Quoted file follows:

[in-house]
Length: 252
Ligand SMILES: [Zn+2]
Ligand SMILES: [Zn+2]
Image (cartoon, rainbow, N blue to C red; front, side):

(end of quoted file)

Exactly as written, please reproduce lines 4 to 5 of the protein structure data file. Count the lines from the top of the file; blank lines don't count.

Ligand SMILES: [Zn+2]
Image (cartoon, rainbow, N blue to C red; front, side):